"And we will see you tomorrow night!" Also unpredictable, is Joe Buck actually saying something kind of cool.
Sports are crazy and unpredictable.
The Winnipeg Jets and the Philadelphia Flyers played a game last night that feature 17 goals. It ended 9-8 for Winnipeg on a goal with 1:06 to go by Andrew Ladd, just 2:31 after James Van Riemsdyk tied the game up for the Flyers. 17 goals. Sports are crazy and unpredictable, and nobody could have seen that craziness coming in.
Then we had Game Six of the World Series. That was equally crazy.
I continue to plug baseball stories into Nucks Misconduct, because baseball is connected to what I do here. Baseball is more developed in the realm of statistical analysis and baseball's long-time fans are significantly more advanced in their "dear assholes, you are ruining the game" storylines.
I get a lot of comments and e-mails for my work in response. Sometimes it's helpful and appreciate, and occasionally I get a "dear asshole" letter from somebody who thinks stats ruin the game. You can never fully predict hockey, and sometimes a game will wow you with 17 goals to the chagrin of stat-heads and defensive geeks. And despite baseball being way more advanced, nobody could have predicted the wild, wild Game Six of the World Series last night.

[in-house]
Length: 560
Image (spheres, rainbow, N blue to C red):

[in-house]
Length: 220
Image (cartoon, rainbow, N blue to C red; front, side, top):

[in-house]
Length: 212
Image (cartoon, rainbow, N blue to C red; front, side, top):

The Rangers had two chances to close out the game and the series up by two runs. Twice, the Cardinals tied the game, and eventually won in the bottom of the 11th inning on a homerun by David Freese.
We didn't know. We can never know. And never turn on a stat-head because you think that what he's trying to do is ruining the game. The most a stat-head can do for a baseball or hockey team is increase their chances of winning from 50% to 55%. It's all about that little work in the margins that make your team a little bit better. But sports remain crazy and unpredictable to the finish. There is no way of knowing, and we are in no way ruining the game.
tl;dr: Stats in no way make sports less interesting.